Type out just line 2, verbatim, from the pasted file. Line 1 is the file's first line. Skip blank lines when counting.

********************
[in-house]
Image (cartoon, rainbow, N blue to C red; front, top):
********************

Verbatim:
Image (cartoon, rainbow, N blue to C red; front, top):